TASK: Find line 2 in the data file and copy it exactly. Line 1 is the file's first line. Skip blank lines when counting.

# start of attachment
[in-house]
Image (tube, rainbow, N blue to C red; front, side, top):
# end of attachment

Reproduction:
Image (tube, rainbow, N blue to C red; front, side, top):